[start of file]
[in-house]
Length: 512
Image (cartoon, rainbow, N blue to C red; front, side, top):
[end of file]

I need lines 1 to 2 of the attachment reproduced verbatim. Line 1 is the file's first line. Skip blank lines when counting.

[in-house]
Length: 512